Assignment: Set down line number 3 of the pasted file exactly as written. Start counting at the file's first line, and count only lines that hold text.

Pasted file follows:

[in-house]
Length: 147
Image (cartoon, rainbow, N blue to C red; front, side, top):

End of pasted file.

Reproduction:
Image (cartoon, rainbow, N blue to C red; front, side, top):